Here’s how one man breaks out of his cruising routine with a bareboat on a MarineMax 484 in the British Virgin Islands. Oh, and he’s done it a few times, so he knows what he’s talking about. Get his take here.
Voyaging All Articles
Join the two-man crew as they bring Gizmo, the beloved Duffy 37 and test platform for Senior Electronics Editor Ben Ellison, home to Camden, Maine, and learn a thing or two along the way.
The well-trodden cruising grounds of the British Virgin Islands offer up a chance for Deputy Editor Jason Y. Wood and his family to reconnect with each other and their passion for the water on a Moorings crewed charter.
We put together a list of some of our favorite under-the-radar cruising grounds in the western hemisphere. Did your favorite one make the grade?
Nantucket is one of America’s best cruising grounds, with a unique charm that’s all its own. Perhaps that’s why the author of this article can’t stop himself from going back again and again. Ride along with him on one of his recent trips to the island.
You may not always have time to point your bow for Alaska or Tahiti. But that doesn’t mean you can’t spice up your week with a micro-adventure. See what we mean here.
A family trip to Croatia’s Dalmatian Coast opens the author’s eyes to a gorgeous, versatile cruising ground that just may be The Next Big Thing.
Who among us hasn’t daydreamed about the ultimate cruise? The one where you sell the house, put your furniture in storage, move aboard your boat, and cruise the world.
Editor-in-Chief George Sass Jr. cruises Australia’s storied waters aboard a Riviera 6000.
Intrepid voyagers brave the Bering Sea on a 65-foot motoryacht in search of the legendary unspoiled beauty for which Alaska is known.
When the summer crowds flock to Newport, Rhode Island, Editor-in-Chief George Sass Jr. heads north to Portland, Maine.
A decorated Vietnam War veteran, our own Capt. Bill Pike, heads back to Vietnam in search of a conflict-era U.S. patrol boat, and perhaps something a bit more important than that.
Think working at a marina is all fun and games? Think again. Read along as seasoned dockmasters talk about some of the things they’ve seen go down.
Marinas have rules to ensure the safety and enjoyment of others...
Not every voyage goes as planned—sometimes the toughest decision calls for staying at the dock and knowing when it’s time to flee the Caribbean’s siren song.
Think being a gentleman comes easy? Think again. Sometimes even the most worldly of us need some help from the locals. Here’s what a few had to say about fitting in, standing out, and getting the most out of Charleston.
During the Mariel Boatlift in 1980, a young girl named Mirta Ojito escaped from Cuba on the boat of a New Orleans skipper, Capt. Mike Howell. She grew up to be a Pulitzer Prize-winning journalist and author who told her story and Howell’s in a book. This exclusive excerpt follows Howell’s path into history.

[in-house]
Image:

An out-island adventure in the Abacos aboard a Pursuit DC 325 took some turns for the wild.
Few places on Earth offer the scenic beauty and cruisable waters that you find on the coast of western Mexico, particularly in Baja. Come along with us as we show you how it’s done.
In the last 48 hours I experienced my two favorite times on the water; watching the sun go down and seeing it rise. Cruising offshore on a boat is still one of those rare opportunities to inject a little adventure into our lives while testing ourselves.
The waters off New England’s coast are some of the best waters for cruising in America. Ride along with us as we explore this rocky, pastoral region by boat.
The Cutwater 28 Down East Loop trip continues. After a short hop from Constitution Marina in Boston, the boat is resting snugly at Newport’s Goat Island Marina. The 28 has moved almost every day since August 20. Indeed, this trip is one heck of a shakedown for a new boat.
BoothBay Harbor to Boston took us three half-day passages thanks to clear skies, calm seas and the Cutwater’s comfortable low cruising speed of 12 to 15 knots. Before leaving Boothbay, Joanne and I ate breakfast with Allan Miller and Pam Burke. I knew Burke from Newburyport where she owned a beautiful wood schooner, named Heart’s Desire.
This story about the Nordhavn 120 crossing the Pacific Ocean is guaranteed to make you want to pull up your own anchor and set off for ports unknown.
We made it, pulling in to the Port of Quebec Marina just before noon today, the end of the first leg of the epic Cutwater 28 Down East Loop voyage that started 455 miles ago in New York City.
Well, after months and months of planning, we're finally underway on the first leg of our epic Down East Loop on a new Cutwater 28. Right now we're in Kingston NY, some 80 mm from where we started at Liberty Landing Marina across the Hudson from downtown Manhattan.